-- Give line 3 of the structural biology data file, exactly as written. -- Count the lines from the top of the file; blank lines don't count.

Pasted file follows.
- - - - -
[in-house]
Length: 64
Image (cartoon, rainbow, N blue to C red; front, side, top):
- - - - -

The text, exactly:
Image (cartoon, rainbow, N blue to C red; front, side, top):